The correlation between aging and genomic instability is much like the lifespan of a well-maintained car. You can be incredibly meticulous in rotating your tires, changing your oil, checking your tire pressure, and driving more fuel-efficient. But like all cars, your DNA can eventually break down from the simple passage of time.  


2. Telomere attrition 

Telomere attrition is a specific type of genomic instability that has received so much attention in recent research; it bears mentioning separately amongst the nine hallmarks of aging. 

Telomeres are protective caps at the end of each chromosome, like the plastic caps at the end of a shoelace. 

To understand why telomeres are studied so closely in aging research, we have to look at how your DNA replicates.  

Every time your cells undergo cell division, a fraction of your telomeres is lobbed off, making them shorter and shorter every time your cell replicates.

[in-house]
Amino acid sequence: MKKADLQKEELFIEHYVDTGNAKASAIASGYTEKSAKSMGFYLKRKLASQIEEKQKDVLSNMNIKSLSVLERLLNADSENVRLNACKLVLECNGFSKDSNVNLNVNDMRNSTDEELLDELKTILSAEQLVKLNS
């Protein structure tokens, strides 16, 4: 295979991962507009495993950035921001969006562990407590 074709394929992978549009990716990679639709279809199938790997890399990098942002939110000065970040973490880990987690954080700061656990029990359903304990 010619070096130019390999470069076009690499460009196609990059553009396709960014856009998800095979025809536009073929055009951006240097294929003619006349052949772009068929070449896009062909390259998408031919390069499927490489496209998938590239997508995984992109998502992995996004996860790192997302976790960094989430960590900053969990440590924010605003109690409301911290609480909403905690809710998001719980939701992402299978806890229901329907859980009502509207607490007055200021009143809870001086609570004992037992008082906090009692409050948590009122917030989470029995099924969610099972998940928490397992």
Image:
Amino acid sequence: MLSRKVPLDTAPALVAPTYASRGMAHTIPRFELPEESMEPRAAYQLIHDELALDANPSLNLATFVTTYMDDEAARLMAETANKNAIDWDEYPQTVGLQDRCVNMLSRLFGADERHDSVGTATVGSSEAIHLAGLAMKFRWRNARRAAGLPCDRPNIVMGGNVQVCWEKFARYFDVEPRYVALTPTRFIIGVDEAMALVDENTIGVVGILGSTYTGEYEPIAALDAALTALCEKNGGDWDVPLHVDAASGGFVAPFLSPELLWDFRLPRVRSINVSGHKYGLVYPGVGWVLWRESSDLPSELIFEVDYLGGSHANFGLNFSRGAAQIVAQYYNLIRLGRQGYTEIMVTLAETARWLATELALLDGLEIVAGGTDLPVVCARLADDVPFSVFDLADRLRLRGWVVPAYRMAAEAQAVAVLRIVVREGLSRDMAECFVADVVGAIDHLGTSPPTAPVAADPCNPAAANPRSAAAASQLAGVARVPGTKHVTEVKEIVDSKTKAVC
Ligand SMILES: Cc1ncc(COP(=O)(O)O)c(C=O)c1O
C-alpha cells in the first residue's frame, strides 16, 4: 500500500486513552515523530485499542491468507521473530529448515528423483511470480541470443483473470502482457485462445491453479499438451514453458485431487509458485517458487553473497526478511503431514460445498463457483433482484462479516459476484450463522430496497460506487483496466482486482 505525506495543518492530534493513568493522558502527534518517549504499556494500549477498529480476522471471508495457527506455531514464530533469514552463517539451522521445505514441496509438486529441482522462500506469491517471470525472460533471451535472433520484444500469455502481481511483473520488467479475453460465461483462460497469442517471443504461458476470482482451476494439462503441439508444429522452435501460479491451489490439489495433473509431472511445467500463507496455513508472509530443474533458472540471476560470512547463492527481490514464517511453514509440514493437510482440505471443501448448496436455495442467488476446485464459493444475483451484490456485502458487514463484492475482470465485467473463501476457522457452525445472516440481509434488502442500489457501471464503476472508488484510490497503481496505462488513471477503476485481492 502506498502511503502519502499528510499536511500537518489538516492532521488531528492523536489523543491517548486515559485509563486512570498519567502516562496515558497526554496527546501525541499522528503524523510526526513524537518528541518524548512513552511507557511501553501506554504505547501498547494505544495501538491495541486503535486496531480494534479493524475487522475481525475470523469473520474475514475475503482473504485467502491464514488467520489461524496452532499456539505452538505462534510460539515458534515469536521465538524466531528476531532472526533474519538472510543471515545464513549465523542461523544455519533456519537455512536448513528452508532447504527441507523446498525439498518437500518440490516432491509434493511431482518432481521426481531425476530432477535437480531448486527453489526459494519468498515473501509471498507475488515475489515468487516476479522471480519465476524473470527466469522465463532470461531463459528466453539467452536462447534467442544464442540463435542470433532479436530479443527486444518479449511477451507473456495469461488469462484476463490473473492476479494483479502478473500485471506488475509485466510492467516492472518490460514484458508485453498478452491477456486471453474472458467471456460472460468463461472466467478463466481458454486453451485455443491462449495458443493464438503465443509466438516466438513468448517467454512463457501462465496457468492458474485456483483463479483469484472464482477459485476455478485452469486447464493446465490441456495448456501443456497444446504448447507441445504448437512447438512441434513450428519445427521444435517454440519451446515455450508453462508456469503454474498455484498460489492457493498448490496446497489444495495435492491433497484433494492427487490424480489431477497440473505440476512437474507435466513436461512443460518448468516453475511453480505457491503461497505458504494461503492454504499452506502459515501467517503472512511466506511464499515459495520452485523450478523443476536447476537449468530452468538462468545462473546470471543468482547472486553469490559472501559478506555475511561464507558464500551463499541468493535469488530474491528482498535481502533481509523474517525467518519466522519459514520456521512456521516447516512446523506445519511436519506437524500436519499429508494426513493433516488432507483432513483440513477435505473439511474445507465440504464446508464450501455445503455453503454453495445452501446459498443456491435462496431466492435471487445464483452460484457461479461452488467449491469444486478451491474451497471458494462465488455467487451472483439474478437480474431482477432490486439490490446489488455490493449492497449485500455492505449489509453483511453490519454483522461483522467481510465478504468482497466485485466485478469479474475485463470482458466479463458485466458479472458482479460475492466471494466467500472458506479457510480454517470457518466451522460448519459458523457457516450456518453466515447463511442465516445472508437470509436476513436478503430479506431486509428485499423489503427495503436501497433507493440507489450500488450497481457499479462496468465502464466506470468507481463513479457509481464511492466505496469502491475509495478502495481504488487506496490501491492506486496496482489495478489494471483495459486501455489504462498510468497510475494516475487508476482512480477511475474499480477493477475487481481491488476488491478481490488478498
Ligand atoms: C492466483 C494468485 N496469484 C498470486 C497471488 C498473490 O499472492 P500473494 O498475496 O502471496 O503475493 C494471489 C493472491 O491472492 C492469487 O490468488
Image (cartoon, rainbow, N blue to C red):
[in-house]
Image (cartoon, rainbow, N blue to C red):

Eventually, your telomeres run out of runway, and there’s no room to cut. Your cells are unable to divide at this stage, accelerating the aging process.  

Due to the finite nature of telomere length, researchers looked into their correlation to determine lifespan. A research article published in the Proceedings of the National Academy of Sciences investigated telomere length in various species.  

The article concludes, 

“The results shown here indicate that the telomere shortening rate of a species can be used to predict the life span of that species…” 

The discovery of telomeres shifted the way we think about aging, challenging researchers to think beyond our chronological age. The work was so profound that the researchers were awarded the Nobel Prize


3. Epigenetic alterations 

Aging research is not only focused on your DNA. After all, several different functions work with your DNA to operate, like the epigenome. 

Every cell in your body has the same DNA. But how is it that a liver cell functions differently from a brain cell?  

The answer lies in your epigenome.